Malogoszcz Jewish Cemetery
Małogoszcz was functioning as a town from the 12th century and was granted town privileges in 1408. From 1775–1862, Jews were forbidden to settle there, living mainly in areas surrounding the town (e.g., in the village of Łopuszno) and, in the second half of the 19th century, they constituted only 2% of the town’s inhabitants (28 people). After restrictions on Jewish settlement were lifted, the Jewish community grew rapidly. In 1921, there were 415 Jews, constituting 18.9% of the total population. Before the war, in 1938, the Jewish community numbered 1,050 people. In 1941, a ghetto was established in Małogoszcz, which was in existence until August 28, 1942. Approximately 830 people were deported to the death camp in Treblinka, and about 300 to the Jedrzejów Ghetto and the labour camp in the quarry in Buków, and then to Auschwitz.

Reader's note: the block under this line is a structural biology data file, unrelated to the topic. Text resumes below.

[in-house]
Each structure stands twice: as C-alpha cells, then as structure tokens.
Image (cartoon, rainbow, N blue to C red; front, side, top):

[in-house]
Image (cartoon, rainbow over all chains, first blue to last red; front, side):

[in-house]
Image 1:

The Jewish cemetery was established in the 1880’s, as the Jewish community in Małogoszcz grew and organized (the noted year is 1882). It covered an area of 0.19 hectares and was enlarged in 1925. It was located south of the town, on the right side of the road leading to Jędrzejów, at the level of the Głuchowiec quarry. In 1929–1932, the cemetery was fenced with a stone wall. About 70 matzevot made of Chęciny marble, limestone, conglomerate, and sandstone have survived in the cemetery, most of which date to the turn of the 20th century. Many of them still stand by the original burial places, making the internal layout of the cemetery, including the division between the male and female sections, visible. In the post-war period, a symbolic tombstone was also erected to commemorate those murdered in the concentration camps. Fragments of the fence have also survived. The cemetery was partially destroyed during World War II and continued to fall into disrepair after the war. The cemetery is overgrown and neglected.